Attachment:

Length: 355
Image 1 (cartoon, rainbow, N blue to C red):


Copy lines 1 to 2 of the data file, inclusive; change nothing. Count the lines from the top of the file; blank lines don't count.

Length: 355
Image 1 (cartoon, rainbow, N blue to C red):